From 942, Rouen lived under the control of King Louis IV, who favored the abbey of Saint-Quen over the dependencies of Jumieges, and ordered the destruction of the Church of Notre Dame’s vestiges. Only the stout towers situated at the two extremities of the nave were saved, bought up by a cleric named Clement. The abbey was thus in great danger of disappearing yet again.
On 13 April 1790, when the Revolutionary decree ordering the suppression of religious communities was signed, Benedictines at Jumieges Abbey numbered no more than eighteen. From 3 May, a municipal delegation arrived to proceed with an inventory of moveable property. The abbatial dwelling was put up for sale in 1791.
As for the monastery premises, they served during two years as a retirement home for the friars of the suppressed establishments, then became barracks. In 1795, the ensemble was sold off as national heritage. The first buyer was a certain Sire Lescuyer, property manager, who rapidly effectuated building demolitions. After 1802, Jean-Baptiste Lefort, a lumber merchant at Canteleu, tackled the Church of Notre-Dame, where he knocked down a large part of the choir by utilizing gunpowder to blow up the transept.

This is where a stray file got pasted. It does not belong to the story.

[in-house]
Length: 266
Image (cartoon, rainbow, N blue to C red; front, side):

Systematic demolitions ceased in 1824, when the property fell to Casimir Caumont, Lefort’s son-in-law. Numerous elements nonetheless continued to be dispersed: between 1825 and 1835, a lot of sculpted stone was purchased by Lord Stuart of Rothesay, English ambassador in Paris, to decorate his Highcliffe Manor in Hampshire.
It was necessary to wait until 1853, date of the repurchase of the Jumieges Abbey by Aime Lepel-Cointet, Parisian stockbroker, in order for the ruins to be saved definitively. The Lepel-Cointet family instigated the last modifications to the domain. After acquiring the ruins and gateway, Aime Lepel-Cointet had a Neo-Gothic building added to the latter. The ground floor (now occupied by the reception and a bookshop) and first-floor salon were fitted out as a museum to present sculptural elements which derived from the abbatial buildings.
Lepel-Cointet’s son-in-law next bought the former abbot’s dwelling, separated from the abbey’s buildings, which permitted reconstitution of the 18th-century property by reuniting the two estates.
Classified in two phases, 1918 and 1947, the ensemble was bought by the State in 1946. Today the domain enjoys a new existence, oriented toward the evocation of a past whose spiritual dimension is forever present and linked to a kind of romanticism which emanates from the juxtaposition of stone and nature.
Victor Hugo called the Benedictine Abbey of Jumieges “the most beautiful ruins in France”. The modern offspring and followers of revolutionists exist only for revenues from the tourists, who come to give a glance at the remnants of what the French did not manage to break to smash. If it happened, Jumieges would be a tiny lonely spot, unworthy the attention of even the most unpretentious tourist.